Whitehead, M. (2018). The impact of maternal diet in pregnancy and lactation on allergy and atopy outcomes in offspring: A systematic review. (Masters Thesis). Victoria University of Wellington. Retrieved from http://hdl.handle.net/10063/7718

Chicago Manual of Style (16th Edition):

Whitehead, Melissa. “The impact of maternal diet in pregnancy and lactation on allergy and atopy outcomes in offspring: A systematic review.” 2018. Masters Thesis, Victoria University of Wellington. Accessed October 29, 2020. http://hdl.handle.net/10063/7718.

MLA Handbook (7th Edition):

Whitehead, Melissa. “The impact of maternal diet in pregnancy and lactation on allergy and atopy outcomes in offspring: A systematic review.” 2018. Web. 29 Oct 2020.

Vancouver:

Whitehead M. The impact of maternal diet in pregnancy and lactation on allergy and atopy outcomes in offspring: A systematic review. [Internet] [Masters thesis]. Victoria University of Wellington; 2018. [cited 2020 Oct 29]. Available from: http://hdl.handle.net/10063/7718.

Council of Science Editors:

Whitehead M. The impact of maternal diet in pregnancy and lactation on allergy and atopy outcomes in offspring: A systematic review. [Masters Thesis]. Victoria University of Wellington; 2018. Available from: http://hdl.handle.net/10063/7718


Victoria University of Wellington

2. Monerasinghe, Rachel Emma. Exploring Breastfeeding Influencers for obese mothers: The experiences and perceptions of five clinically obese women and their midwives.

Degree: 2018, Victoria University of Wellington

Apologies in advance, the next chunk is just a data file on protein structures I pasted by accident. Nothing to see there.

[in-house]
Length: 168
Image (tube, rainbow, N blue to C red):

What are the barriers and facilitators to exclusive breastfeeding for women with a BMI equalling or exceeding 35kg/m²? A qualitative interpretative inquiry. Breastfeeding is established as beneficial to both mothers and infants in terms of short-term and long-term health, or as normalising to the susceptibility of numerous conditions of poor health. Obesity is counted amongst these. A significant proportion of lactation research demonstrates exclusive breastfeeding as protective against obesity for the infant, and various explanations are put forward, such as; milk and gut microbiome species and diversity, comparative initial weight trajectories and impact on future BMI, and comparative satiety development. However, international and New Zealand trends of obesity prevalence are noted to be increasing; and obesity discourse, medical discourse and the World Health Organisation position on causes and consequences of obesity continue to be discordant, with the understanding of obesity as caused by energy in, versus energy out disequilibrium, being challenged. Current research continues to pursue directions which demonstrate obesity to be linked to infant experiences which influence infant gut microbiome, including mode of birth, feeding methods and skin-to-skin; and intrauterine environment – referring to the fetal inheritance/epigenetic inheritance theory. Notably, studies examining the influence of epigenetic heritance propose that infants born to obese mothers begin with a disadvantage in terms of health trajectories, considered to stem from the intrauterine environment and experiences; are at a higher risk of caesarean birth and of receiving breastmilk substitutes than infants born to non-obese mothers. This study aimed to examine the breastfeeding experiences of obese client participants, and breastfeeding support experiences of midwives who have cared for obese clients, to learn more about what were considered breastfeeding influencers, facilitators or barriers, within the maternity journey. A secondary aim of pursuing this research was to apply findings to the study site to see if a review of breastfeeding knowledge or support practices offered to obese women was indicated. The initial study design utilised Facebook as a means of contemporaneous data collection. Due to low recruitment, the design was modified to include one-to-one semi-structured interviews, and midwives were included as participants. Data was analysed using interpretative phenomenological analysis, and five themes were identified reflecting the participants’ experience of their maternity journey, and how breastfeeding was understood to interrelate with other maternity experiences. Five main themes emerged during data analysis. These included communication, normality and autonomy, the midwifery partnership, the experience of intervention, and how intervention was understood to affect lactation. Communication was interpreted as the core theme for all participants, and this underpinned experience of normality and autonomy (defining oneself as a… Advisors/Committee Members: Maude, Robyn, Sika-Paotonu, Dianne.